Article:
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1/23/2012 9:02:45 AM

Windows Service - FileSystemWatcher example code

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I've needed a piece of code like this for some time.

Recently I was asked to write an application that would watch a directory and respond to files that were saved there. We'd need to pick them up, process them, and then move them to a 'done' folder. Standard Dyn Developer stuff.

Normally, I'd write a console application and schedule it with SQL scheduler to sweep the folder every x minutes.

At some point I became aware of the System.IO.FileSystemWatcher class. The FileSystemWatcher class 'Listens to the file system change notifications and raises events when a directory, or file in a directory, changes'. Cool, right? The example below is a complete Windows Service application that uses the FileSystemWatcher class to monitor a directory and to respond to files that are saved in that directory.

The paragraphs below are from the MSDN remarks for the FileSystemWatcher class:

Use FileSystemWatcher to watch for changes in a specified directory. You can watch for changes in files and subdirectories of the specified directory. You can create a component to watch files on a local computer, a network drive, or a remote computer.

To watch for changes in all files, set the Filter property to an empty string ("") or use wildcards ("*.*"). To watch a specific file, set the Filter property to the file name. For example, to watch for changes in the file MyDoc.txt, set the Filter property to "MyDoc.txt". You can also watch for changes in a certain type of file. For example, to watch for changes in text files, set the Filter property to "*.txt".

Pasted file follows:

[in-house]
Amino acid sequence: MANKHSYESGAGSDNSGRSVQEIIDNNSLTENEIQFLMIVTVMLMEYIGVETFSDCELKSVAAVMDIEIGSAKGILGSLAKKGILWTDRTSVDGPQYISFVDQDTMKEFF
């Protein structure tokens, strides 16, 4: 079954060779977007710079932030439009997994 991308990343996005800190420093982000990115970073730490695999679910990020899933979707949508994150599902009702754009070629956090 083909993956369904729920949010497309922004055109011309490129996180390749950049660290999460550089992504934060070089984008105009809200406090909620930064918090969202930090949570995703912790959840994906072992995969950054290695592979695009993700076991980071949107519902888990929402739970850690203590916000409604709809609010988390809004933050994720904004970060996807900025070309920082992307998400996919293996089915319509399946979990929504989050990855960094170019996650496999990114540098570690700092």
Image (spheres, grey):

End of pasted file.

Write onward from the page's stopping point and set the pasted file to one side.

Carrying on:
There are several types of changes you can watch for in a directory or file. For example, you can watch for changes in Attributes, the LastWrite date and time, or the Size of files or directories. This is done by setting the NotifyFilter property to one of the NotifyFilters values. For more information on the type of changes you can watch, see NotifyFilters.

You can watch for renaming, deletion, or creation of files or directories. For example, to watch for renaming of text files, set the Filter property to "*.txt" and call the WaitForChanged method with a Renamed specified for its parameter.

The Windows operating system notifies your component of file changes in a buffer created by the FileSystemWatcher. If there are many changes in a short time, the buffer can overflow. This causes the component to lose track of changes in the directory, and it will only provide blanket notification. Increasing the size of the buffer with the InternalBufferSize property is expensive, as it comes from non-paged memory that cannot be swapped out to disk, so keep the buffer as small yet large enough to not miss any file change events. To avoid a buffer overflow, use the NotifyFilter and IncludeSubdirectories properties so you can filter out unwanted change notifications.

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Section: .NET Development
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